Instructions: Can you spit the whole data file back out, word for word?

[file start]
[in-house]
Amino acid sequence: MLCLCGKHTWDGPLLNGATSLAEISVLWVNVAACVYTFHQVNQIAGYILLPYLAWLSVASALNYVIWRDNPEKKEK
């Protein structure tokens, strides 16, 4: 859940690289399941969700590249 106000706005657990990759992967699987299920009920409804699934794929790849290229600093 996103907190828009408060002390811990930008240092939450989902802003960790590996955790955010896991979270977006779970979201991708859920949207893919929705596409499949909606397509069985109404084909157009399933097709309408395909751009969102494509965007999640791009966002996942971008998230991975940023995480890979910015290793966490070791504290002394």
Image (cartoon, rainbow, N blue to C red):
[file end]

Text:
[in-house]
Amino acid sequence: MLCLCGKHTWDGPLLNGATSLAEISVLWVNVAACVYTFHQVNQIAGYILLPYLAWLSVASALNYVIWRDNPEKKEK
């Protein structure tokens, strides 16, 4: 859940690289399941969700590249 106000706005657990990759992967699987299920009920409804699934794929790849290229600093 996103907190828009408060002390811990930008240092939450989902802003960790590996955790955010896991979270977006779970979201991708859920949207893919929705596409499949909606397509069985109404084909157009399933097709309408395909751009969102494509965007999640791009966002996942971008998230991975940023995480890979910015290793966490070791504290002394």
Image (cartoon, rainbow, N blue to C red):